Joe Flacco's famous father

Baltimore Ravens quarterback Joe Flacco speaks at an NFL football news conference at the team's practice facility in Owings Mills, Md., Thursday, Jan. 24, 2013. The Ravens are scheduled to face the San Francisco 49ers in Super Bowl XLVII in New Orleans on Sunday, Feb. 3. (AP Photo/Patrick Semansky)

Steve Flacco, Joe’s father, is in the news today, quoted in the New York Times as saying his son is dull. The full quote, in the lead up to the Super Bowl, where Joe’s Baltimore Ravens will play the San Francisco 49ers, went like this:

“Joe is dull. As dull as he is portrayed in the media, he’s that dull. He is dull.”

All of which is fine. And if that’s what people will think about when they think of Steve Flacco and football, that’s OK. But I’ll always think of the day in 1982 when Penn won the Ivy League football title for the first time in 23 years.

Steve was a tailback on that team. I had graduated from Penn 2 years before. I was covering the Eagles then for the Daily News, but the NFL was on strike and I was working on other stuff when I wasn’t writing about labor stuff. So I was at Franklin Field that day, Penn against Harvard, winner takes the title.

Penn had struggled for years, but the Quakers were making a turnaround under second-year coach Jerry Berndt. Harvard, a perennial power, was coached by Joe Restic. It was a cold day, and the press box in Franklin Field was open, and there were about 40,000 people in the stands. So there’s your setup.

The game was an emotional circus. Penn took a 20-0 lead through three quarters, and then Harvard scored three touchdowns in the fourth quarter to take a 21-20 lead. My forever memory is of Frank Dolson, a Penn grad and the longtime Inquirer columnist, pacing endlessly in the press box -- that, and of the despair in the stadium as the victory slipped away.

With 1:28 to go, Harvard kicked off for the final time. Penn had the ball on its 20 -- and then it started. Crazy things happened -- quarterback Gary Vura got knocked out of the final drive for a play, likely concussed, before returning; one Vura completion deflected off of the facemask of one Penn player and into the hands of another.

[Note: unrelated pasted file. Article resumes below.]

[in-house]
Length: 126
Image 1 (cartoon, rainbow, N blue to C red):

And then came Steve Flacco. It was about over, and Penn needed at least 10 more yards to make for a realistic field goal try into the wind, and the final pass was a dump off to Flacco, and he managed to get the necessary yardage and, even more important, he managed to get himself out of bounds to stop the clock.

There were 3 seconds left -- and then it really got crazy. The field goal try was from the right hash mark, 38 yards away, and kicker Dave Shulman yanked it wide left. Harvard players and coaches began to celebrate when a certain person in the press box -- OK, it was me -- in a moment of supreme professionalism, stood up and pointed out of the open window and yelled, “There’s a flag!”

The call was roughing the kicker. Restic was apoplectic. With no time on the clock, Shulman made the 27-yarder and Penn won the title. Students tore down the goalposts and threw them into the Schuylkill.

The next day, in a moment that could only happen in the Ivy League, Restic announced, after viewing the film, that he was filing a protest with the Eastern Collegiate Athletic Conference (which supplied the officials) because the Harvard kid who was called for roughing had clearly been blocked into Shulman by a Penn kid -- not to mention that Shulman wasn’t exactly crushed on the play. As a result, Restic said, the only fair thing was for Penn to give back the title and award it to Harvard.

The quote for the ages:

“I think both schools should decide this,” Restic said. “It's not giving up something. It's unveiling the truth. I know an injustice was done. I cannot force them to do anything. In justice's sake, you want people to take a look and decide if it was a justifiable call.

"I would expect Penn to do the same thing we would do (if there was a mistake): Give the ballgame to us. I would not want to take anything we're not entitled to and I feel we're entitled to this one."

And, yes, he was serious.

Needless to say, Penn kept the title. And all of these years later, whenever I hear Steve Flacco’s name, that is what first comes to mind.